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Tip of the Month

                                                                                                       Barbecue Season Is In Full Swing: Don’t Go Up In Flames

The joys of outdoor cooking also bring fire and associated risks. Here are some safety reminders for gas and propane barbecues to protect you and your property from harm or damage.
•    Never operate a barbecue in an enclosed space, close to a structure, or near combustibles. Have a one metre radius around it free of obstructions. 
•    Keep your barbecue in tip top shape. Check for hose breakage, valve leaks, and other parts before securing the tank well and turning on the gas. 
•    When in use, never leave the grill unattended, and when finished turn the tank off before the burners so the remaining gas in the lines can burn off. This can help prevent a flash the next time the BBQ is in use.
•    Make sure your fire extinguisher is easily accessible and in good working order. 
Additional Tips
•    Propane companies use an additive to create an unpleasant odour like rotten eggs to make a propane leak easier to detect, so you can shut off supply immediately, stop using the grill, and clear the area.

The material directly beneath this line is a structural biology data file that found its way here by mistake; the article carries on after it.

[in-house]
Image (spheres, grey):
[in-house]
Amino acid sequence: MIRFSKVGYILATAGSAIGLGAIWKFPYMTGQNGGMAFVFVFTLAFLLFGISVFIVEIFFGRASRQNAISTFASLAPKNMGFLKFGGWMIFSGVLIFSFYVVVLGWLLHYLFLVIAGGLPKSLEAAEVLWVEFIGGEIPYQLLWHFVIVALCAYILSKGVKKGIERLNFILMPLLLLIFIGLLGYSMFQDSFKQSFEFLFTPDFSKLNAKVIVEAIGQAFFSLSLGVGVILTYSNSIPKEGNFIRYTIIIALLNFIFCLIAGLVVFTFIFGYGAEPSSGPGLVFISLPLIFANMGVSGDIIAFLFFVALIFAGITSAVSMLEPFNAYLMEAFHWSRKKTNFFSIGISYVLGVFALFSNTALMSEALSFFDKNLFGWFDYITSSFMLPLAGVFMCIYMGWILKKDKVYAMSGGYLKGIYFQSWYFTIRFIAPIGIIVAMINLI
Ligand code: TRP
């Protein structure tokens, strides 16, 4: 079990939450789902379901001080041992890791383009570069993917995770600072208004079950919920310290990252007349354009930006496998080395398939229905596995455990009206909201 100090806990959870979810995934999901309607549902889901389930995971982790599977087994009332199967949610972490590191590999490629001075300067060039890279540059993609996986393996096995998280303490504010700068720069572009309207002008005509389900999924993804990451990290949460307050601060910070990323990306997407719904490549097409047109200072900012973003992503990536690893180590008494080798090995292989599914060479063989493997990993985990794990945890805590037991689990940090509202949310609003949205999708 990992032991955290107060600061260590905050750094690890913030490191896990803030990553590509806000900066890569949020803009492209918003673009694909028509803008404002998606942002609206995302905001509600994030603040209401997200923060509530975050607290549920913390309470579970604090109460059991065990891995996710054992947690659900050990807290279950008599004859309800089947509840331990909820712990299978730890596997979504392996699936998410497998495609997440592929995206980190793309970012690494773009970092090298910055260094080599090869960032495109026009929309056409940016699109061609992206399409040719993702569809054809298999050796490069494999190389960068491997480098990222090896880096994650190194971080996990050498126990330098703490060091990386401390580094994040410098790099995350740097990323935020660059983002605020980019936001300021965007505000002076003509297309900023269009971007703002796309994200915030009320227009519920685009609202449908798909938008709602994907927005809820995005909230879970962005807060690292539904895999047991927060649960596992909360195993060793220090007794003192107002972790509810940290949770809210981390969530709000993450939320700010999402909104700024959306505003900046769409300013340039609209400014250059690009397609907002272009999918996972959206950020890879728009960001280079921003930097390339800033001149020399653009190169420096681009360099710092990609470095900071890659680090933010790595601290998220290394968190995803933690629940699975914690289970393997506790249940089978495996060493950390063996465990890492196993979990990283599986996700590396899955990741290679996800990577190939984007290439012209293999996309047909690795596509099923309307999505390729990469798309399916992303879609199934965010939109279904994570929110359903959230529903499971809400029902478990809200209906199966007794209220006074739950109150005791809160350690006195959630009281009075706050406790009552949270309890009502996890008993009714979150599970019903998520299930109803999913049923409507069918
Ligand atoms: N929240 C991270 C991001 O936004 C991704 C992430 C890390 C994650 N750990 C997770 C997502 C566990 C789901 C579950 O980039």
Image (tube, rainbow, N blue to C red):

•    Although the risk of carbon monoxide is low when using a BBQ outdoors, it is not entirely eliminated. Learn to recognize the signs of CO2 poisoning and take appropriate action.
•    Store propane tanks in an upright position, in a spot where they are unlikely to be knocked or bumped to prevent any safety risk.

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Spring Thaw Around the Corner

                                                                                          Spring Thaw Around the Corner


Water damage claims account for at least 40% of all home insurance claims, and the average cost of such claims has risen 117% over the last 10 years. More Canadians invest in creating another living area in their basements; the greater value in belongings in a high risk area of the home has contributed to these increases. Here are some ways to protect such property:

Raise any personal belongings stored in the basement off the floor to prevent potential water damage.

If your basement is unfinished, place valuable items on 2X4s or some other type of clearance.

If your basement is finished, and you’ve experienced flooding, get as many things as you can lifted off the floor or carpet.

If you have a sump pump, make sure it is operating properly, and discharging at least 9 meters from the house foundation, but not running toward someone else’s foundation.

Inspect your basement ceiling(s) for leaks after outside garden hose supply line(s) have been turned on in case of a frozen/burst pipe over the winter. Call a licensed plumber immediately if a leak is detected.